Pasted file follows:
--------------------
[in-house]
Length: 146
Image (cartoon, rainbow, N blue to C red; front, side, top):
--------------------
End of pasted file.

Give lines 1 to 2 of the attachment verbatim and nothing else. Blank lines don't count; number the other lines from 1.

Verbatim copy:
[in-house]
Length: 146